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  • Ronald Bagaga

Agroecology for Climate Justice and Food Sovereignty. SSFs challenge the government to Act Now

African countries continue to increasingly face a climate crisis with vast threats to agriculture and food production. Intergovernmental Panel on Climate Change (IPCC, 2013) indicates that all four dimensions of food security (food availability, access, utilization and stability) are potentially affected by climate change due to their high dependence on rain-fed agriculture.

Uganda in particular, it is highly dependent on natural resources and ranked 9th most vulnerable and 27th least ready to adapt to climate change (ND-GAIN 2017). NEMA, 2017 estimated losses and damages to the tune of US$47m, equal to 3% of the value of all cash and food crops in that year. Further, in 2017, food prices shot to 30-40% above average-due to 2 consecutive droughts increasing hunger, malnutrition and poverty.

It is therefore not surprising that from Monday 2nd to 6th March 2020 during the national agroecology and climate justice workshop held at Mukono Zonal Agricultural Research and Development Institute (MUZARDI) organized by ESAFF Uganda in partnership with LVC SEAf, small scale farmers from 30 districts convened for a sensitization and standardization workshop on agroecology as a concept and how it can be applied to achieve climate justice and food sovereignty. This was through defining it and distinguishing it from industrial agriculture while understanding its approaches, principles and systems. Small-scale farmers also held horizontal learning from fellow agroecologists in the central agroecology cluster in Mpatta Sub-county, Mukono district.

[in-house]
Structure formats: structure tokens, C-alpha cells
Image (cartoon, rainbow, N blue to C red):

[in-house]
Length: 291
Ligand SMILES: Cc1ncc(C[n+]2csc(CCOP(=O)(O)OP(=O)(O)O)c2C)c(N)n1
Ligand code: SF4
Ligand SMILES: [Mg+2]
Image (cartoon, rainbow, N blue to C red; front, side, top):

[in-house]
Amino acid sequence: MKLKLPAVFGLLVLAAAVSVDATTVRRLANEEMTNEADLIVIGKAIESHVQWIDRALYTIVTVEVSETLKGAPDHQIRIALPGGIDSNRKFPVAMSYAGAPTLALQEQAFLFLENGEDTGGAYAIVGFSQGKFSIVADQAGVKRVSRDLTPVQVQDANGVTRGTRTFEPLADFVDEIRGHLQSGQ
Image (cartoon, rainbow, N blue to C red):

Some small-scale farmers appreciated the fact that they have been unknowingly practising agroecology and agroecology not only address climate change but also a collective solution to guarantying food sovereignty, hunger and malnutrition challenges including poverty. As indicated by FAO, agroecology directly contributes to 10 Sustainable Development Goals (SDGs) including Ending Poverty, Zero Hunger, and Life bellow water, life on land, responsible consumption and production, Clean Water and Sanitation, Affordable and Clean Energy and Climate Action among others.

Despite the obvious connection between the industrial food system and the climate crisis, and the obvious potential that agroecology offer to climate justice and food sovereignty, these links are nowhere to be seen and appreciated by government climate actions. Instead, governments seem to be betting on financial carbon markets and other corporate-driven ‘solutions’ that are false and isolated from the real world - largely to the detriment of food sovereignty, environmental conservation, and livelihoods through promotion hybrid and genetically modified seed and increase the use of chemicals in agriculture.

Further, the voice for sustainable solutions is suppressed and not being heard strongly in regional and global policy discussions on climate change. During the small-scale farmers’ agroecology for climate justice and food sovereignty roadmap development, small-scale farmers therefore committed to galvanizing their voices to be strongly heard starting from the grassroots and demanded that climate justice be integral to their everyday practices and formative to agrarian and climate change frameworks at local, national and regional level as they called on government to adopt and upscale agroecology.

This was concretized by small scale farmer’s discussion and contribution to the development of an LVC SEAf agroecology curriculum that will be used by member organizations in their agroecology initiatives under the agroecology school model.

Furthermore, small-scale farmers emphasized a radical shift towards food sovereignty would go a long way in solving the climate crisis: agroecological practices would massively build back organic matter (carbon) into the soils and largely eliminate dependency from corporate markets for chemical fertilizers and other inputs. Hence to them, dealing with the climate crisis is key to ensuring resilience, food sovereignty, justice and livelihoods and this can only be achieved through Agroecology.



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